What is your favorite song?
“Fix You” by Coldplay
What is the last book you’ve read?
“The Benedict Option” by Rod Dreher
What led you to a career in radio?
I have a short resume and a long story. Radio was never my plan but it was always a part of my life. I grew up in a Christian home, pursued athletics in high school and was recruited to play lacrosse in college. All I wanted was to be an athlete at the highest level. I failed out and never played a second of college ball. I spiraled into depression but music was always there to help me cope. I came home from school and tried to figure out who I was again. I produced music, I lead worship, played in bands, took some college classes, coached lacrosse at my high school and met my future wife. Looking back I can see how these points in my life’s “connect-the-dots” puzzle have created a masterpiece only God could.
I translated my production skills into producing imaging for the radio station my dad, the GM has worked at for now over 31 years. I started running the board for the evening show and began working so much that then PD, Dave Paul, asked if I’d like to go on the air since I was at the station. I said no. I didn’t even know who I was; I hadn’t lived life, let alone be able to encourage a middle aged mom. I didn’t have a voice… I thought. After some pushing from Dave (full-time salary and benefits helped) I said yes. I still don’t know what made him want to make that offer to a 20 year old with zero experience but I’m forever grateful. After 3 years I moved to middays, 2 years after that I became APD/MD and I was just promoted to PD in April.
True, radio was never the plan but it has made me who I am. From childhood to fatherhood, after all these years, I’m still just a guy trying to figure it out. Who knows what God has in store? I’m up for anything!
What advice would you give people new to the business?
- Don’t let working in ministry be a substitute for personal relationship with God. Let go and let Him lead every decision.
- Don’t be afraid.
- Fail. A lot.
Give a shoutout to someone who is making a difference in radio and what are they doing to make an impact?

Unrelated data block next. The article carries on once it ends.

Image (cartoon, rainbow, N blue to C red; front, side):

There are a lot of good people who are, collectively, making a positive difference in radio. People who are focused on their markets and dedicated to their listeners. That said, artists are consistently making the biggest difference in radio. I legitimately pray for them regularly and do my best to fight for new artists.
How do you refresh your creative energy at work?
By collaborating with someone new. Someone who sees the world differently than I do and challenges my status quo. Typically, that is someone outside of the walls of the station.
Musically, I escape to film scores. I listen to music that can transport me somewhere else and I don’t need to subconsciously analyze it. One of my favorites is “The Ellie Badge” by Michael Giacchino from Pixar’s “Up.” My wife, Alex walked down the aisle to this song. It was the first movie we saw together. Yes, I cried … like a baby.
Amazon Echo or Google Home?
I haven’t taken the plunge with either.
What is your favorite part of your job?
That I have the freedom to take creative risks and ultimately that I know God is using my talents to reach more people. It’s a sweet place to be.
Who is your favorite air personality not on your staff and why do you like them?
I don’t listen to a ton of radio but I’ve come to admire Bobby Bones. I see a lot of myself in him. He breaks down walls incredibly.
What was your last non-industry job?
High School boys’ lacrosse coach. I LOVED it!
Tell me about a project or accomplishment that you consider to be the most significant in your career.
I’m currently working on the biggest project of my career but my biggest personal accomplishment was becoming PD a few months ago. I feel proud to say that I accomplished that before I turned 29.
Teach me something I don’t know in the next five minutes.
My favorite hymn is “O Love That Will Not Let Me Go” by George Matheson. At age 20 George Matheson was engaged to be married but began going blind. When he told his fiancée, she decided she could not go through life with a blind husband. She left him.
George’s sister offered to care for him.
The day came, however, 20 years later, when his sister fell in love and prepared for marriage herself. The evening before the wedding, George’s whole family had left to get ready for the next day’s celebration. He was alone and facing the prospect of living the rest of his life without the one person who had come through for him. On top of this, he was doubtless reflecting on his own aborted wedding day twenty years earlier. It is not hard to imagine the fresh waves of grief washing over him that night.
In the darkness of that moment George Matheson wrote this hymn. He remarked afterward that it took him five minutes and that it was the only hymn he ever wrote that required no editing. Here are the lyrics.
O love that will not let me go,
I rest my weary soul in thee;
I give thee back the life I owe,
that in thine ocean depths its flow
may richer, fuller be.
O light that foll’west all my way,
I yield my flick’ring torch to thee;
my heart restores its borrowed ray,
that in thy sunshine’s blaze its day
may brighter, fairer be.
O joy that seekest me through pain,
I cannot close my heart to thee;
I trace the rainbow through the rain,
and feel the promise is not vain
that morn shall tearless be.
O cross that liftest up my head,
I dare not ask to fly from thee;
I lay in dust life’s glory dead,
and from the ground there blossoms red
life that shall endless be.
You’re a new addition to the crayon box. What color would you be and why?
Brussels sprout green. I don’t know, I’m hungry.
95.1 SHINE-FM – Program Director
CMB Silver Member Since 2013